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Figure 8: ESA Astronaut Thomas Pesquet with the Astro Pi computers onboard the ISS (image credit: ESA/NASA)

• April 6, 2021: ESA Education and Raspberry Pi Foundation are excited to announce that 214 teams participating in this year’s European Astro Pi Mission Space Lab Challenge have achieved Flight Status. That means they will have their computer programs run on the International Space Station (ISS) later this month! 4)

Mission Space Lab gives teams of students and young people up to 19 years of age the amazing opportunity to conduct scientific experiments aboard the ISS, by writing code for the Astro Pi computers — Raspberry Pi computers augmented with Sense HATs. Teams can choose between two themes for their experiments, investigating either life in space or life on Earth.

Life in Space

For 'Life in space' experiments, teams use the Astro Pi computer known as Ed to investigate life inside the Columbus module of the ISS.

Life on Earth

In 'Life on Earth' experiments, teams investigate life on our home planet’s surface using the Astro Pi computer known as Izzy. Izzy's near-infrared camera (with a blue optical filter) faces out of a window in the ISS and is pointed at Earth.


Phase 3: Flight Status achieved

During phase 2, that runs from November to February, Mission Space Lab teams write the programs for their experiments in Python. Once teams are happy with their programs, have tested them on their Astro Pi kits, and submitted them to us for judging, we run a series of tests on them to ensure that they follow experiment rules and can run without errors on the ISS. The experiments that meet the relevant criteria are then awarded Flight Status.

The 214 teams awarded flight status this year represent 21 countries and 862 young people, with 30% female participants. 137 teams with 'Life on Earth' experiments and 77 teams with 'Life in space' experiments have successfully made it through to Phase 3.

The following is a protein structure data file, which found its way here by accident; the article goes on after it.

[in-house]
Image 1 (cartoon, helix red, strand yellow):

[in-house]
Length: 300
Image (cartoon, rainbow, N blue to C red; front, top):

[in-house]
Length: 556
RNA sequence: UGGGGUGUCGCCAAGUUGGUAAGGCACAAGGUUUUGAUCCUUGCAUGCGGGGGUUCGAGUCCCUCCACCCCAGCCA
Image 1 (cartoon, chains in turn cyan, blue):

Spain has the most teams progressing to the next phase (26), closely followed by the UK (25), Romania (21), France (21), and Greece (18).

In the next few weeks, the teams' experiments will be deployed to the Astro Pi computers on the ISS, most of them being overseen by ESA astronaut Thomas Pesquet, who will be flying to the ISS on 22 April on his new mission, Alpha!

In the final phase, running we'll send the teams the data their experiments collect, to analyze and write short reports about their findings. Based on these reports, the ESA Education and Raspberry Pi Foundation experts will determine the winner of this year's Mission Space Lab. The winning and highly commended teams will receive special prizes.

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Figure 9: Astro Pi Mission Space Lab 2020-21 timeline (image credit: ESA)



1) ”About Astro Pi,” URL: https://astro-pi.org/about/

2) ”Astro Pi 2020-21 Congratulations from ESA astronaut Thomas Pesquet,” ESA-Agency, 2 June 2021, URL: https://www.esa.int/Education/AstroPI/Nearly_15_000_young_people_had_
their_programs_run_on_the_ISS_during_the_European_Astro_Pi_Challenge_2020-21

3) https://astro-pi.org/

4) ”214 teams granted Flight Status for Phase 3 of Mission Space Lab 2020-21,” ESA / Education / Astro PI, 6 April 2021, URL: https://www.esa.int/Education/AstroPI/
214_teams_granted_Flight_Status_for_Phase_3_of_Mission_Space_Lab_2020-21



The information compiled and edited in this article was provided by Herbert J. Kramer from his documentation of: ”Observation of the Earth and Its Environment: Survey of Missions and Sensors” (Springer Verlag) as well as many other sources after the publication of the 4th edition in 2002. - Comments and corrections to this article are always welcome for further updates (herb.kramer@gmx.net).